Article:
No, I don't mean the ghastly American show where six people sit on sofas, drink coffee and pretend not to fall in love with each other. The show where the director thinks you need to see a five second external shot of the building everyone's in every two minutes, and then plays a burst of saxophone music to give the canned laughter from the previous scene time to fade away. Sorry, but I don't do Friends.
And, to some extent, I don't do friends much either. Go back ten years, and I'd have been hard pushed to point at anybody and call them a really good friend. I've done a bit better recently, but you could still count the number of really good friends I've had in the last five years on the fingers of one hand. Even on the fingers of one hand if you're one of those pedants who insists that one finger is in fact a thumb so it doesn't count. I'm someone who's usually quite happy filling his own time, and doesn't need to be socially attached all the time to feel occupied, complete and worthwhile. Having said that, I've discovered in the last five years that having friends improves the quality of one's life no end, especially when you live near enough for them to make a regular contribution to your waking hours.
I met one of those good friends exactly five years ago today. Good friends always seem to come along when you least expect it, and standing in the middle of a field in a large tent was one such place. I'd been dragged along to an agricultural show, full of blacksmiths, prize cows and self-righteous foxhunting types. Stuck behind one particular table, surrounded by people old enough to be their grandparents, were a couple who were keen to sign up some new blood into their rural-pastime organisation. I can't quite remember why I agreed to sign up for a year's membership (I suspect I'd have been shouted at if I hadn't) but I got a whole lot more out of that meeting than a year's supply of newsletters. Not that I realised at the time. About a month later we were invited to a barbecue at this couple's house (Oh god, barbecue, it'll all be earnest pensioners and under-cooked chicken) and things sort of grew from there. Again, not that I realised at the time. I didn't realise properly until about a year later, when my relationship was quietly disintegrating around me, that there was actually someone else I could talk to who understood the situation and could offer the advice I needed to get me through. And get me out.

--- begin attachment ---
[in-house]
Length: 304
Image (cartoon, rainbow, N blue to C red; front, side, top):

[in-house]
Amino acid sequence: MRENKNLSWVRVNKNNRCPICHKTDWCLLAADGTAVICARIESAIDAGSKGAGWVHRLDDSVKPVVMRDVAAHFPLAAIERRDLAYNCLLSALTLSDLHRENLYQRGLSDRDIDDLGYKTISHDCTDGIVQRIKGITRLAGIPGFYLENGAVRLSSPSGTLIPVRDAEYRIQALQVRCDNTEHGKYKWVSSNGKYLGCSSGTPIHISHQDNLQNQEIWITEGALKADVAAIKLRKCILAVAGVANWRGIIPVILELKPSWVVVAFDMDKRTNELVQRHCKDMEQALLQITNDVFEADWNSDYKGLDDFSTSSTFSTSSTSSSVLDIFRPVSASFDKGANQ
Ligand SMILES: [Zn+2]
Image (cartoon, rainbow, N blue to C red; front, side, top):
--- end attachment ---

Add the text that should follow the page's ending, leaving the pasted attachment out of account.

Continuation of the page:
Good friends are always there for you. They're there to go to the pub with, to help you out with your gardening because you're rubbish at it, to ring you up and ask you how you are, to broaden your social horizons, to give you advice when you need it, to give them advice when they need it, to stand in the audience at gigs with, to share your sense of humour, to sit in cafés and restaurants and share experiences with, to keep in touch with even when they're many miles away, to burn you a CD and tell you they almost liked the last one you burnt for them, to indulge in deep meaningful email conversation with, to disappear off on holiday to America with, to help guide you through life without making any stupid mistakes, to pick you up out of deep dark holes should you fall into one, to buy the odd special present for, to ask you if you fancy a ride out on the back of their bike, to ask your advice and take it seriously, to know what you're going to tell them even before you say it, to accompany you to places you'd never dream of going to by yourself, to bring you a much-needed cup of tea at work, to listen to while they tell you how their life's going, to listen while you tell them how your life's going, and to introduce you to other people who are going to end up being good friends too.
Thanks to those special friends who've made my last five years a better place. You know who you are. And, thankfully, so do I.